Blaentillery Primary parents march to save school
Parents are taking to the streets in protest at proposals which could see the closure of their children's primary school.
Under Blaenau Gwent council plans for informal consultation, Blaentillery Primary in Cwmtillery could close in August 2014, with its 64 pupils sent to school in neighbouring Abertillery.
The council says it must tackle surplus pupil places in the county.
But parents say the school is the last remaining focus for the community.
End Quote Glyn Smith chair of school governors
If the school goes, the community goes. Life here revolves around the school”
Blaentillery is one of three primary schools in the Ebbw valleys that have been earmarked for potential closure, alongside Briery Hill and Rhos y Fedwen in the Ebbw Fawr valley.
In its 21st Century Schools document published in October, the council argues that it needs to address the issue of empty school places, which exceeds 25% in some areas.
Blaentillery has capacity for 127 pupils, but the council projects that by 2016 it will only have 67 children in classes - a surplus spaces rate of 47%.
But that is disputed by the school's chair of governors, Glyn Smith, who said they already expected a further 15 new pupils to start in nursery classes next year.'Totally amazed'
Mr Smith said parents wanted the choice to send their children to Blaentillery.
End Quote Consultation document Blaenau Gwent council
There is an argument that a larger primary school would maximise curriculum opportunities for pupils and ensure there are enough staff to specialise in certain aspects of the curriculum”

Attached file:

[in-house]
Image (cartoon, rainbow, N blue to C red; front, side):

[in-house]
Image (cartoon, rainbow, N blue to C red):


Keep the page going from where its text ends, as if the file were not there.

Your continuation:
"They are most concerned that if the school goes, the community goes," he said.
"Life here revolves around the school. I am totally amazed by the enthusiasm of the parents and governors here to save the school."
Parents opposed to possible closure say they will march on Monday from Foundry Bridge in Abertillery to the Metropole Theatre, where a consultation meeting is being held.
But Blaenau Gwent council has said "doing nothing" is not an option.
"There is an argument that a larger primary school would maximise curriculum opportunities for pupils and ensure there are enough staff to specialise in certain aspects of the curriculum," the council said in its consultation document.
Under its plans, pupils would be transferred to Abertillery Primary at the start of the autumn term in 2014, where the school can accommodate up to 429 children.
The council also hopes that a new school would also be built on the site of Abertillery primary by 2016.